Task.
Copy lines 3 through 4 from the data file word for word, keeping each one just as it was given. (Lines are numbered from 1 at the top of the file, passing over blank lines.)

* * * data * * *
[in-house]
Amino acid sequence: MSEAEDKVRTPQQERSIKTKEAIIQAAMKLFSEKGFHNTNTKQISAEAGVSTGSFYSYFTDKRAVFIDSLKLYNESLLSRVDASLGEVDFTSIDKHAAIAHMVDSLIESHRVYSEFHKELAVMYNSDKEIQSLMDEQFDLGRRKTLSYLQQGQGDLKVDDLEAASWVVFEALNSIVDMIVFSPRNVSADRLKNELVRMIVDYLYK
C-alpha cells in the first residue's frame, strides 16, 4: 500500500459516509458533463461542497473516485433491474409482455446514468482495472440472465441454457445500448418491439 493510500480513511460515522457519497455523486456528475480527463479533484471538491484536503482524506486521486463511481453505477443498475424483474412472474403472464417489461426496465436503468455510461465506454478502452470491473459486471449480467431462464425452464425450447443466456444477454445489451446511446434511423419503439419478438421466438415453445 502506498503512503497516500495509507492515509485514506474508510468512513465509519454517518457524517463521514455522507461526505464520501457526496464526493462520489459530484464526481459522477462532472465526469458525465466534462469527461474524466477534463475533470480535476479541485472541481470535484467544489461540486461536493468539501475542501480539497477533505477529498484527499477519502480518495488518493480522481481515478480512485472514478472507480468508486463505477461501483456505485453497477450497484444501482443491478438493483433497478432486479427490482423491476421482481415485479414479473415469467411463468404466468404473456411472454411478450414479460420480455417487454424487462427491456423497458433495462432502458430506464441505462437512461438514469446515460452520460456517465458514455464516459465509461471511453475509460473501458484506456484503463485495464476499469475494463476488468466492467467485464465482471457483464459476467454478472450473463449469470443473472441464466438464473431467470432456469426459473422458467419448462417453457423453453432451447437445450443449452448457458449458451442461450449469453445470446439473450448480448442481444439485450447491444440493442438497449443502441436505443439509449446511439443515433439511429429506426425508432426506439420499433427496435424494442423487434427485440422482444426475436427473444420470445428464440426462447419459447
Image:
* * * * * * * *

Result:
C-alpha cells in the first residue's frame, strides 16, 4: 500500500459516509458533463461542497473516485433491474409482455446514468482495472440472465441454457445500448418491439 493510500480513511460515522457519497455523486456528475480527463479533484471538491484536503482524506486521486463511481453505477443498475424483474412472474403472464417489461426496465436503468455510461465506454478502452470491473459486471449480467431462464425452464425450447443466456444477454445489451446511446434511423419503439419478438421466438415453445 502506498503512503497516500495509507492515509485514506474508510468512513465509519454517518457524517463521514455522507461526505464520501457526496464526493462520489459530484464526481459522477462532472465526469458525465466534462469527461474524466477534463475533470480535476479541485472541481470535484467544489461540486461536493468539501475542501480539497477533505477529498484527499477519502480518495488518493480522481481515478480512485472514478472507480468508486463505477461501483456505485453497477450497484444501482443491478438493483433497478432486479427490482423491476421482481415485479414479473415469467411463468404466468404473456411472454411478450414479460420480455417487454424487462427491456423497458433495462432502458430506464441505462437512461438514469446515460452520460456517465458514455464516459465509461471511453475509460473501458484506456484503463485495464476499469475494463476488468466492467467485464465482471457483464459476467454478472450473463449469470443473472441464466438464473431467470432456469426459473422458467419448462417453457423453453432451447437445450443449452448457458449458451442461450449469453445470446439473450448480448442481444439485450447491444440493442438497449443502441436505443439509449446511439443515433439511429429506426425508432426506439420499433427496435424494442423487434427485440422482444426475436427473444420470445428464440426462447419459447
Image: